Will there be a fairytale ending for racing’s Roger Federer?
ROGER FEDERER does it. Serena Williams did it. Pocket Power, South Africa’s champion racehorse, is a past master – getting up off the canvas and knocking them dead that is.
Tennis champion Federer is a notoriously slow starter and he gave his supporters heart attacks with his pedestrian start against Nikolay Davydenko in the current Australian Open before waking up and wiping the floor with his hapless opponent.
Williams too opened the door wide for Victoria Azarenka before an emphatic final set exhibition of power tennis set up victory.
Pocket Power can give them both similar lessons in the art of deception.
The nation’s champion equine athlete has largely flown under the radar as far as mainstream sports coverage is concerned but there is no doubt that in his field, Pocket Power, is the equal of a Federer or a Williams and victory in today’s R2,5 million J&B Met will cement his reputation as one of the greatest ever as he bids for an unprecedented fourth straight victory in this jewel in the national racing crown.
A more remarkable record may be that Pocket Power is unbeaten in 15 straight starts around the left-handed Kenilworth bend and even at seven years of age, few will bet against the champion taking his winning tally to 19 from 34 starts and boosting his stake earnings to over R10 million for owners Marsh Shirtliff and Rina and Arthur Webber.
But if you are a Pocket Power supporter and prone to high blood pressure and a dickey heart, take your pills before setting yourself up in front of the TV or heading out to Kenilworth where an expected crowd of over 50 000 will be there to roar the 18runner field home.
The champ’s attention seems to wonder in the early part of his races but big race rider, Bernhard Fayd’Herbe, grandson of one of South Africa’s greatest ever jockeys, Harold ‘Tiger’ Wright, knows his partner’s every idiosyncrasy and never panics although at t imes he has every reason to.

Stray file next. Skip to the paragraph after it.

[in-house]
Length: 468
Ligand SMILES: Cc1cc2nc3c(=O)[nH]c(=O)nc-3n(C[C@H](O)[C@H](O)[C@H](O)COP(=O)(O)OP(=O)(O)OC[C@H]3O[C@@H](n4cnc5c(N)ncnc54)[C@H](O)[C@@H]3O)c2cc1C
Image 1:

Interviewed this week, Fayd’Herbe said he feels that Pocket Power is still the horse to beat.
“I don’t think his age will stop him,” he said. “There’s no mistaking that he’s not young anymore, but he still won the Queen’s Plate as well as he’s ever done. He’s never won easily before, he always does just enough. No matter what race, he will never win by far.”
Is Pocket Power’s infamous “flat spot” real or imagined? “It’s definitely there,” said Fayd’Herbe. “He picks it up at the top of the straight and then just sort of hovers for a while. It’s really annoying, but I’m used to it and it doesn’t worry me anymore, because I know he’s going to kick again later on.”
Fayd’Herbe elaborated on Pocket Power’s now famous victory surge, in which a matter of strides he leaves his rivals for dead a la Federer. “He is a horse who really wants to win, but I do have to ride him hard until the end because he tends to think he’s done enough when he’s hit the front.”
The real ace in Pocket Power’s support system is trainer Mike Bass and his stable crew. Bass has orchestrated Pocket Power’s career like a Tchaikovsky concerto with hardly a false note and the grand horse can add the finale on his home turf at Kenilworth this afternoon.
THE CHOSEN ONE: Pocket Power (Bernard Fay'dHerbe) beats Dancer’s Daughter in last year’s J & B Met.